5. Russian State Library, Moscow, Russia
With a history dating back to 1862, The Russian State Library is the country’s national library and houses the 5th largest literary collection in the world, containing over 17.5 million books. The institution also holds a renowned collection of maps, as well an extensive amount of specialized items such as journals, sheet music, sound recordings and dissertations. While obviously home to the largest selection of Russian literature in the world, the library also houses foreign works represented in over 247 languages, which comprise approximately 30 percent of the building’s 43 million item collection. The building itself is also an interesting site, with construction more or less completed by 1945, it is a perfect example of Soviet Neo-Classical architecture and offers an insightful contrast to other libraries of this magnitude.
4. New York Public Library, New York City, United States
Not only is the New York Public Library a city landmark and popular tourist attraction, it is also an extremely important part of the worldwide literary family. With a collection of over 53 million items, the library is the 4th largest in the world, drawing around 18 million annual visitors. Originally founded in 1895, today’s main branch at Bryant Park was opened in 1911 with over one million volumes consolidated from the Astor and Lenox Libraries. The institution has since expanded to include 88 neighborhood branches and four resource centers, servicing approximately 17 million people and offering over 67,000 free programs yearly. Visitors to the main branch, located in Manhattan`s Stephen A. Schwarzman Building, can admire the beauty of the building’s Beaux-Arts architecture and interiors and explore the collections in the General Research, Manuscripts and Archives, History and Genealogy and Rare Books Divisions (among others). This building is also home to some of the country’s most significant historic documents, including Columbus’s letter about the New World (1943) and George Washington’s original Farewell Address.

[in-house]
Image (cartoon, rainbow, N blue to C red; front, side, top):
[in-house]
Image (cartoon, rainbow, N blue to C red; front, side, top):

3. Vatican Library, Vatican City
Among the many culturally significant things to see in Vatican City, the Vatican Library is no exception. Officially established in 1448 (though acquisition began much earlier) in the Vatican Palace, the current collection tops 1.1 million items and includes ancient manuscripts, codices, classical Greek and Latin texts, and perhaps the most impressive selection of incunabula (text printed in Europe prior to 1501) in the world. Though holding a vast amount of religious texts, the library’s holdings are actually extremely diverse in scope, with notable pieces ranging from the oldest known Bible (Codex Vaticanus) to letters from Henry VIII to Anne Boleyn.
2. Library of Congress, Washington DC, United States
Established in 1800, with the doors of the current building opening to the public in 1897, The Library of Congress in Washington DC is the 2nd largest library in the world, housing upwards of 158 million items. Now a national monument, the building is one of the world’s foremost research centers home to 36 million printed materials in over 460 languages as well as over 69 million manuscripts. It is also here that you will find the world’s largest selection of films, sound recordings, sheet music and maps, in addition to the most extensive holdings of rare books on the continent. Along with this amazing collection of literature, the building itself is also worth the tour, showcasing magnificent Beaux-Arts architecture with interiors and reading rooms featuring fine art, marble halls, carved hardwood, and of course, the incomparable central stained-glass dome.
1. The British Library, London, England
This jaw-dropping institution contains an astounding 625 km of shelving to house its 170 million+ item collection which includes over 300,000 original manuscripts (both ancient and contemporary) and 60 million patents. With figures such as these, it is no wonder that the British Library is the largest in the world, and attract over 16,000 daily visitors. The main building, located in St. Pancras in London, is England’s largest public building constructed in the 20th century and consists of over 112,000 square meters spread over 14 floors. Along with the unparalleled collection of books, maps, newspapers and musical scores, the library is home to one of the world’s most comprehensive selections of literary treasures, including the Magna Carta, The Times first edition and the audio recording of Mandela’s Rivonia trial speech.